Agency New Business: Put On That Damn Sales Hat (Chapter 11-Every Touch Point Counts!)

This is Part 11 of a 17 chapter eBook, “Agency New Business: Put On That Damn Sales Hat,” which you can download at no cost here.

The eBook covers everything from pre-prospecting preparation to working opportunities to close. 

The majority of the eBook focuses on elements that agencies either often overlook, are too busy to consider, or are simply too lazy to pursue.

The agency landscape is changing rapidly and daily, not only for agencies, but for clients: doing things the same way won’t cut it.

We released “Put On That Damn Sales Hat” as an overall agency new business primer for marketing services firms, so they can put on their sales hat with purpose and confidence.

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Chapter 11: Every Touch Point Counts!

Key is NOT taking anything for granted.

You have to assume your prospect is evaluating you at each and every corner of the search.

You have to do this, because more often than not, THEY ARE.

We remind our agencies of this all the time – both those we represent on the RSW/US side of our world as well as those that participate in agency searches on the RSW/AgencySearch side of our business.

When we manage searches for Marketers, we critically evaluate everything an agency does during the process: how well prepared they are at each phase, how much time and thinking they put into responses and the kinds of questions they ask for example.

I believe if an agency can’t perform well when the pressure isn’t really on, how are they going to perform when hired by a Marketer and the pressure cooker really kicks in?

Even the simplest of activities like a Q&A/Chemistry call can be an evaluative point for a Marketer.

We had an agency involved in a search that made it past the RFI phase and the Marketer wanted to move all four agencies into the final pitch presentation, but ultimately brought only three forward.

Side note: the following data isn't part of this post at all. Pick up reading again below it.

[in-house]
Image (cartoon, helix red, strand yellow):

A Job NOT Well Done

The fourth did such a poor job of handling the Q&A/Chemistry call that the Marketer walked out of it with very little confidence they could do the job.

They didn’t seem prepared, their questions were very tactical and the examples they provided had very little to do with the client’s business.

Ask yourself how you can go into each round of a search, meeting, or  proposal submission and…

“GO OUT THERE AND DO AMAZING THINGS!”

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If you’re in a Q&A/Chemistry call as an example, or if you have a meeting upcoming, rather than just walking into these, precede them by firing some questions to the Marketer (or search consultant) prior to the call or meeting.

Show them you’re thinking about them – often.

Send them an agenda prior to the call.  I had two agencies just do this for a Q&A/Chemistry call I managed.  Says a lot about the preparedness of the agency.

Surprise the Marketer with some insights or ideas you’ve picked up as you’ve been preparing for the call/meeting.

Post-meeting, send some additional questions or an idea or two to keep them thinking about you.

Remember, IT’S EASY TO DO THE BARE MINIMUM!

What’s hard is pushing yourself to make each touch point count.

Don’t be lazy…push yourself at every connect.

Marketers will appreciate and remember it, and hopefully reward you for the exceptional behavior.

It’s all about putting on the damn sales hat, no matter where you are in the agency new business process.

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Mark is a 30-year veteran of the consumer packaged goods, advertising, and marketing service industry. Mark started his career at DDB Needham in Chicago prior to earning his MBA from the J.L. Kellogg Business School at Northwestern where he majored in Marketing and Economics. Prior to starting RSW/US in 2005, Mark was General Manager for AcuPOLL, a global research consultancy. Sneider worked in Marketing for S.C. Johnson and KAO Brands. Sneider has been invited to speak at numerous Agency events and network conferences domestically and internationally including the 4A’s, Magnet, NAMA, TAAN, and MCAN. Sneider has been featured in prominent industry publications including Adweek, Media Post, e-Marketer, and Forbes. When not working (which often seems like not often), Mark likes to run miles, go to church, and just chill with a hard copy issue of Fast Company.